By Ryan Powers
A new book on the history of the relationship between Israel and South Africa appears to have confirmed the long-standing suspicion that Israel offered to sell nuclear arms to South Africa in the 1970s. While the sale didn’t pan out, Israel did provide South Africa with Tritium — the material they needed to kickstart their now-abandoned nuclear weapons program — in return for easing restrictions on how South African yellowcake Uranium could be used:
[A]fter the 1973 Yom Kippur war, African governments increasingly came to look on the Jewish state as another colonialist power. The government in Jerusalem cast around for new allies and found one in Pretoria. For a start, South Africa was already providing the yellowcake essential for building a nuclear weapon. …
“South Africa’s leaders yearned for a nuclear deterrent – which they believed would force the west to intervene on their behalf if Pretoria were ever seriously threatened – and the Israeli proposition put that goal within reach,” Polakow-Suransky says in the book. …
Polakow-Suransky establishes that the relationship was so intimate that in the mid-1970s, South Africa lifted the safeguards supposed to govern how the yellowcake was used to prevent nuclear proliferation.
In return, Israel sent South Africa 30 grams of tritium, which gives thermonuclear weapons the boost to their explosive power. The delivery was enough to build several atomic bombs, which South Africa did in the coming years.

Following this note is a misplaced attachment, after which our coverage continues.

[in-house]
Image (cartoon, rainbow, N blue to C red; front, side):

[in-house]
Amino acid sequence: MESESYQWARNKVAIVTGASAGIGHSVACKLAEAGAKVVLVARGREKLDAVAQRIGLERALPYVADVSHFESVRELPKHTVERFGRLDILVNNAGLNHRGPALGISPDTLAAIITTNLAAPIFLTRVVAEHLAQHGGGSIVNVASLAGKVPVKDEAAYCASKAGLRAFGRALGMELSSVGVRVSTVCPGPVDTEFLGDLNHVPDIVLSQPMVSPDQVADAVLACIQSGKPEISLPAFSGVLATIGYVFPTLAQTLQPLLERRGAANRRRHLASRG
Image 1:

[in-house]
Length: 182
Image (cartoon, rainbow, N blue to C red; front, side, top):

In the years prior to this, Johnson and Nixon both fretted about Israel’s nuclear program. But the reports to date have suggested that the U.S. worried most about Israel using their nukes — not proliferating them.
Regardless, I think we should take this revelation as a reminder that Israel — as they have every right to do — will nearly always do what is best for Israel and, as such, U.S. foreign policy towards Israel needs to be calibrated accordingly. As Walt and Mearsheimer put it:
A final reason to question Israel’s strategic value is that it sometimes does not act like a loyal ally. Like most states, Israel looks first and foremost to its own interests, and is has been willing to do things contrary to American interests when it believed (rightly or wrongly) that doing so would advance its own national goals. … Such behavior is neither surprising nor particularly reprehensible, because international politics is a rough business and states often do unscrupulous things in their efforts to gain an edge over other countries.